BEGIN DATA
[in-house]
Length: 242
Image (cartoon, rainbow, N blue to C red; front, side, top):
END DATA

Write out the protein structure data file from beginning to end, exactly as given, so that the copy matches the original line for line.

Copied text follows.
[in-house]
Length: 242
Image (cartoon, rainbow, N blue to C red; front, side, top):